Since Hailey has been taking classes at the homeschool center once a week, I am getting to sit back and just watch her experiences and interactions in ways I haven't before.  I have always been right there beside her, helping her throughout it all.  Now, I see her sit in her class and listen to the teacher (I got to sit in on a class today).  I see her in the hallways.  I see the other children in the classrooms.  I see the other children in the hallways.

I am starting to feel emotions that I haven't felt for a while now.  I am realizing just how much we have organized our family and our homeschooling and even our socializing to accommodate her needs as a person with auditory processing disorder.  We don't even realize we are doing it anymore!  It has become so natural to us.

At "school" (the homeschool center), no one accommodates her needs (not that some of them don't try - they do).  The teacher talks and walks around the room, rambling in long sentences that are circular in theme and connected by only simple threads and tangents as she weaves her web of a story to showcase the point she wants to make.  There is nothing wrong in this way the teacher is talking; in fact it is a very common way people talk when they are just "speaking off the cuff" or rather just talking without a plan of what exactly they are wanting to say and how to get to it.  The other children just listen and seem to follow along to some extent.  Some of the kids jump in with responses to her story or sharing of their own similar experiences.  It is casual and free and a lovely open discussion.  However, for someone with auditory processing disorder, it is too hard to follow. The linearity of the story is lost as moments and details are remembered and added in.  The purpose for listening is lost as it is told at the end rather than the beginning.  The jumping in of others (which brings an interactive component for the other children) just makes it that much more confusing as new stories are presented in the middle of the unfinished original one.  I felt sorry for my sweetheart sitting there lost and bored, I imagined.  The other kids could appreciate the conversational style, but my child with auditory processing disorder found nothing but confusion in it.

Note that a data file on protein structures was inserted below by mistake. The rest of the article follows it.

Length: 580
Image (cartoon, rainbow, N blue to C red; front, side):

In the hallways, the children stand and chat with one another.  Their voices mix and mingle like a choreographed dance of speakers seeming to talk over one another and yet all seem to still be able to follow and understand.  They laugh and smile and seem genuinely happy to be there with one another.  My sweetie with auditory processing disorder stands there lost, with vacant eyes and in silence. Someone will smile at her or touch her shoulder and she will momentarily smile and her eyes will light up, only to hide again in the din of the conversation.  When I ask her about it, she says she likes the kids, but she doesn't understand what they say.

Inside my momma bear wants to barge in to every situation and say "Talk slower.  Talk in phrases. Make sure she understands before you move on.  Don't talk over one another. Use visuals." Yet, I know this is not the right approach.  My sweet girl is almost 13 and she will run into this her entire life!  She has to decide how she wants to handle it, if she wants to handle it.

For classes, of course, we can ask for accommodations that will help her to learn what she wants to learn and do the assignments.  In social exchanges, she will have to speak up and ask others to slow down when she wants or just not understand when she doesn't feel the need to understand but simply to just be there. With her good friends, she does ask them to repeat themselves or speak slower or explain things if she doesn't understand.  In just the group-you-find-yourself-in situations, she says she doesn't really care.

So all this long ramble is to say that I, the mom, am feeling distressed by her situation.  She, the one with auditory processing disorder, is actually handling it all better than me.  She doesn't expect to understand everything and she's okay with that.

Meanwhile, I'm hiring a private sign language tutor to see if this will help her in any way.  She likes the sign language she has taught herself through books and videos, so we're going to try diving more into this as a possible option.  (Update:  I have been reading that "language disorders" (such as Mixed Expressive Receptive Language Disorder which Hailey was diagnosed with at age 6) often cross over into sign language as well as oral language.  Bummer!  We will still pursue the sign language, though, as it might prove helpful all the same.  I'll be sure to let you all know.)